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Bond issuance update - 1H13

by Ekaterina Skulskaya | Jul 11, 2013

The supply in the bond market can be characterised as robust over 1H13, with 1Q13 contributing the most to volumes. According to Bloomberg data, a total of $76.82bn was issued domestically year to date, far in excess of the $64bn issued in the first three quarters of 2012, mostly due to significant government issuance. However, the Australian credit bond market (excluding government guaranteed) recorded its lowest first half year issuance since 2009, with $20.8bn issued compared to $37bn in 1H12. Issuance by month varied with the largest volume recorded over January and March when the credit spreads (Australian iTraxx index) were lowest, as depicted by the red line (see Figure 1). While credit spreads widened dramatically over the last two weeks of 1H13 from 119bps to 149bps, June recorded the lowest issuance of $3.36bn for the first half of the year.

Figure 1

One of the main reasons for the decline in domestic bond issuance is a substantial reduction in deal flow from the four major banks. The majors priced A$18.6bn of domestic bonds in 1H12, compared to A$9.9bn in 1H13. Some of the slack was partly due to the nil issuance of covered bonds (usually considered a cheap source of funding for domestic banks) in 1H13 as opposed to $9.6bn in 1H12, when they were first issued in the Australian market.

Decline in retail bond issuance is another reason for the domestic bond issuance reduction compared to the same period in 2012. A total of six retail bonds worth $5.3bn were issued in the 1H13 as opposed to 10 bonds totalling more than $6.3bn in 1H12.

While the domestic credit issuance was somewhat weak, the Kangaroo market (a type of foreign bond denominated in Australian currency and issued in the Australian market by non-Australian companies) also failed to reach records set in 2010 and 2011, recording $13.8bn in 1H13, that is $2.8bn more than the 1H12 figure but $6.2bn less compared to 2010 and 2011. Fragile global markets and continued uncertainty in stagnant European countries kept Australian domestic investor participation and issuance subdued. The largest deal of the year was recorded by KfW Bankengruppe, a $1bn issue. Deutche Bank was the leading book runner, raising $2.28bn for 22 deals. TD Securities, J.P. Morgan and ANZ followed the lead with $1.94bn; $1.73bn and $1.54bn in volume issued respectively (see Figure 2).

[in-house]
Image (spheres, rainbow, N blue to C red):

Figure 2 Figure 3

On the domestic front, 221 vanilla bonds were executed in 1H13 totalling to $48.8bn as opposed to $92.9bn issued in 1H12. Westpac Institutional bank was lead arranger for domestic issuance which included: credit, all Kangaroo, and syndicated sovereign and semi-government issuance. ANZ and Commonwealth Bank followed with 35 and 22 deals worth $7.73bn and $6.51bn respectively. UBS Investment Bank, Deutche Bank, Citi, TD Securities, J.P. Morgan and RBC Capital markets were in the top 10 domestic vanilla book runners (see Figure 3).

Activity in the RMBS market remained strong year to date. Overall, 1H13 had $7.86bn (Australian tranches only) compared to $4bn in the same period of 2012. The biggest issuers in June 2013 were CUA (HARVE 2013-1) with $0.68bn, Bendigo and Adelaide Bank (TORR 2013-2) and Firstmac (FMACB 2013-1E) with $0.5bn respectively. Other names included: Liberty Financial and Flexi Group.

Over the past week there were two new issues. Westpac issued a three year deal, while ANZ launched a new hybrid transaction. For full details please see “New issues” in the Wire.